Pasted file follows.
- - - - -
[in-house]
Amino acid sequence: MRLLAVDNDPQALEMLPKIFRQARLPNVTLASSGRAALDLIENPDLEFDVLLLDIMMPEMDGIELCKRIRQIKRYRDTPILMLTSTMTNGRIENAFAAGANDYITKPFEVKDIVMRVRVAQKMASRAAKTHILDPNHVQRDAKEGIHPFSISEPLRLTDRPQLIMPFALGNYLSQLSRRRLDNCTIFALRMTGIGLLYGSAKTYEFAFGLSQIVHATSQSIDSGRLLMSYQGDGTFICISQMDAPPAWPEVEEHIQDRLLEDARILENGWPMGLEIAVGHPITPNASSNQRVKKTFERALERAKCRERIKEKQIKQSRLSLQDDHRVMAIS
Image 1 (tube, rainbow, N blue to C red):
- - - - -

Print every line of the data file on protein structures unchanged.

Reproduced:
[in-house]
Amino acid sequence: MRLLAVDNDPQALEMLPKIFRQARLPNVTLASSGRAALDLIENPDLEFDVLLLDIMMPEMDGIELCKRIRQIKRYRDTPILMLTSTMTNGRIENAFAAGANDYITKPFEVKDIVMRVRVAQKMASRAAKTHILDPNHVQRDAKEGIHPFSISEPLRLTDRPQLIMPFALGNYLSQLSRRRLDNCTIFALRMTGIGLLYGSAKTYEFAFGLSQIVHATSQSIDSGRLLMSYQGDGTFICISQMDAPPAWPEVEEHIQDRLLEDARILENGWPMGLEIAVGHPITPNASSNQRVKKTFERALERAKCRERIKEKQIKQSRLSLQDDHRVMAIS
Image 1 (tube, rainbow, N blue to C red):